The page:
Updated: November 24, 2021 07:36 AM
Created: November 24, 2021 07:00 AM
(ABC 6 NEWS) - With cases of COVID-19 on the rise across the region, school districts have had to make some adjustments.
One of those districts is Kasson-Mantorville Public Schools, which recently sent out a letter to parents Tuesday announcing updated protocols.
Some of the current protocols are masks are not required, and the school requires three feet of social distancing in school buildings during school hours.
The school will notify parents if their child has a close contact and they define a close contact as being within three feet for 15 consecutive minutes of someone who tests positive for COVID-19.
If a child does have a close contact, the school recommends quarantining, but the decision is not required and is up to the parents.
The district is also offering free at-home COVID-19 tests.
As for those new protocols that were recently sent to parents, the district said it will now contact parents if there are three or more positive cases in their child's elementary classroom.
A similar strategy is being worked out for middle and high school.
If a parent is concerned there may be a positive case in their child's PK-through-4 classroom, they can call the school and ask.
In Dodge County, community transmission is at a high rate, according to the CDC.
Some parents feel as cases rise, there should be more protocols in place, but others feel it should stay up to the parents.
"I just felt like to the superintendent that it is not a big deal," said Kasson-Mantorville parent, Devon Stauffer.
Stauffer has two kids in the K-M school district.
She said she felt safe sending her kids to school last year, but this year it's a different story.
"Their policy is you have a voice and a choice, I was very nervous about that because I know that statistics show that masking work," said Stauffer.
Stauffer is also a nurse and she said she sends her kids to school double-masked because of high case numbers and mitigation strategies she feels are not enough.
One of those is contact tracing, parents can choose to keep their kids in school if they are not showing symptoms.
"My daughter we got a phone call on Friday that she had a close contact and I could have kept her in school which like baffled me," said Stauffer.
Some parents said they have found out about COVID cases in their children's classrooms through social media.
"They could have stronger mitigation strategies and they don't and I don't know why. I would love to know why they choosing not to enforce more mitigation strategies," said Stauffer.
But not all parents feel this way.
Tiffany Swanson is a parent of four at the Kasson-Mantorville schools and is a substitute teacher at the district.
"We couldn't be more proud of the protocol that the KM district put in place," said Swanson.
And Peter Foley also has four kids in the district.
"I was appreciative of them not actually having the mandate and having it as parental choice," said Foley.
Swanson said last year she put two of her kids into homeschool because of how things went during distance learning.
"They would come home on their home days and they would just sit and stare at a screen all day for school which was really difficult as a parent to see," said Swanson.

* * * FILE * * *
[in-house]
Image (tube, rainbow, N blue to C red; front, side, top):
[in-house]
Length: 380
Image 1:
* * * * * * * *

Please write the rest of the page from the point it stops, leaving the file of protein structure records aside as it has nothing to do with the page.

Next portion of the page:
And Foley said he agrees with the school's decisions because there are more vaccines available now and he said we know more about the impacts of online schooling.
"To say oh you are not keeping my child safe because you are not doing these covid protocols but then to say then if we were we need to switch to online learning does that make it safe for everyone," said Foley.
But Stauffer feels the school could do more.
"We are not asking for them to go to distance learning we just want it to be safe to send our kids to school," said Stauffer.
ABC 6 News reached out to Superintendent Mark Matuska about these protocols.
He would not go on camera for an interview but did provide the statement below:
We have offered parents a great deal of choices throughout the school year and that hasn't changed. We encourage parents to do what they feel is best for their children's safety, learning, and mental health. And...we have parents who are in much different places in their lives due to the stresses of the pandemic. We have parents who can't take another day off of work. We have parents that are continuously worried about the health of their children. We have parents worry that their children are falling behind academically. We have parents worried about visiting older relatives who may be compromised over the holidays. We have parents worried about the effects of the pandemic and being out of school on their children's mental health, which is becoming a major concern of our staff. We also have parents that have mental health issues of their own that are stemming from the stresses of the pandemic. And there are people who are extremely passionate on both ends of the issue.
These are tough decisions we are making and it isn't cut and dried as many would like it to be. Bottom line...as a parent, do what you think is best for your kids. Districts have determined their protocols, are continually changing them, and trying to do what is best for their community. We all try to make what we believe are the best decisions for kids every day, and I fully understand that not everyone agrees with all of the decisions our district makes.
The district has an upcoming vaccination clinic with Dodge County Public Health on November 30th and the second dose on December 21st.
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